During the inaugural event of SWFL Climate Compass series, Bob Inglis made a compelling case for implementing a nation-wide carbon tax that would be revenue-neutral through a commensurate decrease in the payroll tax. The foundational argument made by Inglis and other proponents of a carbon tax is that the free market can effective reduce carbon emissions, one of the primary drivers of climate change, once the pollution externality is properly priced. Taxing the carbon emissions at the source point would edge prices up downstream, in fuel and electricity costs, but this would be offset by providing Americans’s a decrease in taxes, the payroll tax being the least regressive (helping out the lower-income earners the most). Non-wage earners could be compensated through other rebates. American businesses would be protected from cheaper imports through a carbon adjustment tariff, which in turn, would encourage other nations to incentivize carbon reduction policies; the United States thus taking the leadership role in forcing other actors into compliance.
Bob Inglis’ explanation is clear and thoughtful, as he explains not only why we have to price carbon, but how environmental pollution disproportionately burdens lower-income communities and often communities of color. He refers to our need to be “biblically accountable” for our environmental actions. Inglis’ approach, similar to the Baker-Shultz carbon dividend plan, and approaches put forth by groups ranging from the progressive Citizens Climate Lobby to the Young Conservatives for Carbon Dividends, is a promising bipartisan framework. The difference between the policies lies in whether the revenue collected from the tax is returned to taxpayers via a federal tax cut, a public dividend (like the ones Alaskan’s receive from oil revenue, or whether it is best invested by the government in public infrastructure and research. There are also differences in how each proposal views the need for government regulation of emissions and how aggressively the price of carbon is set and raised. What all parties agree on is that pricing the carbon pollution externality would spur innovation and investment in reducing carbon emissions. It would potentially be a job generator as new technologies are developed and implemented to reduce emissions It would also incentivize energy conservation, as those that use less energy would receive more benefit than they expend in the increased costs resulting from the carbon tax.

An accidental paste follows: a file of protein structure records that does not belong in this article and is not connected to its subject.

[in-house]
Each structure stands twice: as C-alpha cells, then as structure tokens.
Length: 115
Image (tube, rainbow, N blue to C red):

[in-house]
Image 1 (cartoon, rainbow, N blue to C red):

If you missed Bob Inglis’ great presentation, you can watch it here.